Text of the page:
I emigrated alone and settled in rural Ontario in a small WASP town where I knew no one and where there was no Irish or any other ethnic community and, after three isolating years, I moved to Montreal which was love at first sight but, of course, it wasn’t home.
For me, only back home could be home, just as only mum could be mum, and where else was there to be at Christmas but back home? This had been my logic for my first four Christmases, but this year, I decided, would be different. In fact, it seemed that Christmases at home had simply come between me and the hard realities of my immigration project. I needed to ask myself "Just why was I here?"
As if it wasn't hard enough keeping my head above water in my new job, making a new life whose rules were still pretty opaque, acclimating to the worlds second coldest winters and much else, by now I knew that no matter how proficient I became at French, as an Anglo in Francophone Quebec, I’d be as much a minority as I was as a Catholic back in Protestant Belfast. Going back home for Christmas would simply put a band-aid over these issues which is why I decided to spend my holidays in Montreal and come summer when I’d have completed two years – the minimum needed to show a stable career path - in my new job I’d go home and start over.
On Christmas day, as usual, the stores, cafes, cinemas and everything else were closed. At that time, HBO hadn’t been invented, there were no video recorders or DVDs, no internet, no SMS, Skype, nor FaceTime. I had no close friends I could visit and I wasn’t going to drown my emotions in a bottle so, to break the isolation I went to mass at 11 am, made lunch, and then I dressed warmly and walked from my high rise to the summit of Mont-Royal and back again.
In my apartment, at about 4 pm, I made a tea and wandered over to my west-facing window and stood there cradling my mug in my hands watching as the last crimson sliver disappeared behind Mont-Royal. The show over, I turned away from the window, walked to the kitchen to make a start on dinner but instead of reaching for the potato peeler, I picked up a pen, had a quick look at my watch and, on the kitchen calendar I wrote the time of sunset in the little square assigned to the day of December 25. I didn’t know why I did this and I didn’t think much of it.
The following day, and for the remainder of my vacation, I continued to mark the times of sunsets on my kitchen calendar, again without really knowing why. It did occur to me that this new habit of mine seemed rather sad, the sort of thing castaways, or lifers do – marking the passage of time with lines scratched on a tree trunk or the wall of a cell, in the hope of better days.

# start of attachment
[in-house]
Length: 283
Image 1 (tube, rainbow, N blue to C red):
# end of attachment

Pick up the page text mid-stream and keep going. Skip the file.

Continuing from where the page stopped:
However, my little procedure had an unexpected upside. By mid-January, the times I’d scribbled on my kitchen calendar told me that the sun truly was on its way back. Tracking the incremental increases in daylight on my wall calendar was like watching the days lengthen before my very eyes. “Where there’s light, there’s hope,” I thought.
That Christmas, it occurred to me that sometimes when things are at their darkest, they are about to get brighter -- a little bit of wisdom, I thought, was the best Christmas present I’ve ever received. The sun did return, I made it through the winter, and that spring I met someone special, a neighbor from my high rise; we hit it off and my French took off. From that moment on, Montreal was on its way from being just a place to a place I could call home.
Twenty-five years later, a few days before Christmas, I was telling an office colleague this story of mine and she broke into tears. “I’m sorry”, I said, “I didn’t mean to make you sad.” She replied, “No, I’m not sad. I’m happy. Your story might help my son.” Then she explained how, the previous Christmas, her son’s best friend had hung himself. Her seventeen-year-old son found the body and ever since, he'd struggled and, as the first anniversary of his friend’s suicide approached, she worried for him.
She said she wanted him to know there was hope; I told her I believed there always is although often it’s where and when you least expect it.
This article was submitted to the IrishCentral contributors network by a member of the global Irish community. To become an IrishCentral contributor click here.